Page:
A fresh citrus fruit has an addicting taste, not unlike the sound of Fishmans’ lead singer in their album “Orange.” Fishmans uses the keyboard among Shinji Sato’s vocals, bass and guitar to create a beautiful dreamy reggae sound that brings in the clouds to block the oppressive sunlight of reality.
Their fourth studio album, “Orange”, is my favorite to return to. It has all of the reggae sounds like steel drums and beats that I love, which is combined with Shinji Sato’s iconic vocals. “Orange” was released in 1994 under Media Remoras.
For Fishmans, they had much trouble with the comings and goings of band members, producers and record companies. On the album, Shinji Sato does the vocals and plays acoustic guitar with Yuzuru Kashiwabara (bass, chorus), Kin-Ichi Motegi (drums, percussion, chorus) and Hakase-Sun (keyboards, chorus). A guest electric guitarist, Sugar Yoshinaga, also appears in various tracks throughout the album.
Peeling Open “Orange”
“Kibun” basically starts off the album, and it does so with a pop, reggae and electric fervor. The vocal repetitions bring constant joy to my ears. Shinji’s voice and lyrics are elegant as they bounce up and down smooth as butter.
In “My Life”, simple lyricism brings simple and pure joy. Fishmans creates a pop tune that exudes exuberance. The keyboard steps us into life and beauty with the beginning of the track and sweeps us into a journey filled with the sound of people living.
As one of my favorite songs of all time, “Melody” stands out on this album. It jumps right into the action of music and all the joy it brings. Epic percussion backs up an electric guitar that shreds perfect little rhythms.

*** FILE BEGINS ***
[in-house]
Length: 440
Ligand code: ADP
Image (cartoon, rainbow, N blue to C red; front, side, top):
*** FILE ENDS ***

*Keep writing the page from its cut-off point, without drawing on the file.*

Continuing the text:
The track flows and pierces me quickly. I’d be surprised to hear from anyone that this song didn’t even make them tap their toes to the beat.
A slower track on a fast paced album tends to stand out or drift into the background. I think “Kaerimichi” found its place by blending in the rushed and jumpy first half of “Orange” with the other dreamier half of the album.
One Last Bite
After diving back into this album to write about it, I already cannot stop myself from listening to it again and again. Fishmans’ sound is intoxicating to my ears. If the last song I ever got to listen to in my life was a Fishmans track, my ears and soul could be at rest with that.
“Orange” is so fresh even at 28 years of age. If you’ve never taken the time to listen to Fishmans at all, or if you’ve only listened to their later albums, I cannot encourage you enough to peel open “Orange” and taste its addictive sweetness.